how to make scab blood

How To Make Scab Blood | What Is Scab Blood?

In today’s blog, we’ll talk about scabs and how to make scab blood, among other things.

Although not very pleasing to the eye, scabs play an important role in our bodies’ healing process and immune system. Germs might infiltrate our bodies via open wounds and scrapes if we didn’t have scabs to protect them. 

scab blood
Scab Blood (Image Source: Pinterest)

Our blood creates a protective layer over the wound during the healing process to keep germs from entering our bloodstream and circulatory system while the skin below is re-forming.

Knowing how to make scab blood is simple and is used in almost every creepy and bloody SFX makeup look and idea. But before we start, let us talk about what scab blood is.

Scab blood

Scabs act as a protective barrier against a foreign substance, infection, and blood loss, among other things. When you have an injury to your skin, it bleeds, creating a blood clot happens. 

When a blood clot gets hard and crusty from the inside out, an infection-preventing scab emerges, which helps to prevent infection. For the injured tissue to recover, it must push the scab out of the way, exposing new skin underneath it.

A scab is usually a dark red or brown hue, depending on the species. If left untreated, the scab will get darker over time and, in extreme instances, entirely black. On the other hand, a black scab often indicates the healing process has progressed and reached maturity.

Tutorial On How To Make Scab Blood

An innovative way to reinforce notions about the body’s defense and the role of blood in it is to include ideas about the structure and function of blood, clotting, and scarring into a lesson plan.

Fake scabs are a fantastic way to add a little flair to any ensemble! Ensure that the artists are aware that they should not pour extra wax down the drain when heating and pouring wax. It is possible that the aid of an extra pair of adult hands might be beneficial for this practice. So let us learn how to make scab blood.

Items needed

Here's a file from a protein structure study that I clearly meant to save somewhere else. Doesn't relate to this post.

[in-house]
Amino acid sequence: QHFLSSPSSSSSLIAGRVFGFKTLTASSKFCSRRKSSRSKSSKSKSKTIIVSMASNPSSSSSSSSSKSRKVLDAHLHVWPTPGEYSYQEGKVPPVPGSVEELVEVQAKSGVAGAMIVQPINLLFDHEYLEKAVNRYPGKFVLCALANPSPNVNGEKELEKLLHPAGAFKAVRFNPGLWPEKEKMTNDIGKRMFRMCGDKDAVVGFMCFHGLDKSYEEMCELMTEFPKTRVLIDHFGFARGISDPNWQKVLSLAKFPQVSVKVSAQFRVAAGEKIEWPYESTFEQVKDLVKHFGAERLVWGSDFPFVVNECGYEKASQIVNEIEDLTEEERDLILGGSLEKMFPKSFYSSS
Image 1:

• A hot plate and a huge pot of water
  • Aluminum foil
  • Cocoa powder
  • Oatmeal
  • Popsicle sticks or wooden coffee stir sticks
  • Large coffee tin bent at the rim to create a pouring spout OR heatproof glass measuring cup with a spout 
  • Blocks of wax/paraffin 
  • Red food coloring or dye
  • Vaseline


  1. Make a safe wax-melting station in your room for you to use. Because wax may be a sloppy substance, you may wish to cover your tables. You place a pot with 14 cups of water on the hotplate and bring it up to temperature.
  2. Break the wax into manageable chunks and place it in the coffee can to keep it fresh. Swirl the tin into a boiling water saucepan using an old wooden stick until the wax is completely melted.
  3. Once the wax has melted, add the red food coloring or other red dye and thoroughly mix them.
  4. While the wax is melting, you should prepare the rest of their scab materials by cutting a tiny piece of aluminum foil (10cm square) and scrunching up the corners to form a little bowl shape with your fingers.
  5. Place one teaspoon of cocoa powder in each of the four bowls.
  6. The powdered texture of oats is achieved by crushing a pinch of oatmeal between your fingers.
  7. Pour a little amount of wax into each aluminum foil basin.
  8. Stir the wax, cocoa, and oatmeal together using a wooden stick, then spread it out in the basin to cool entirely before peeling off the aluminum wrap to see the finished product. It’s possible to obtain a good rough texture by gently poking at the wax while it’s hardening.
  9. Vaseline may be used to temporarily adhere the scabbed blood to a bodily surface as a temporary adhesive.

And there you go, that is the end of “how to make scab blood” we hope you enjoyed it. Check out “how to make fake blood at home.”